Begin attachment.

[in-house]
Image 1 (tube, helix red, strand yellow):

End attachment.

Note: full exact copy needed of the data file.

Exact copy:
[in-house]
Image 1 (tube, helix red, strand yellow):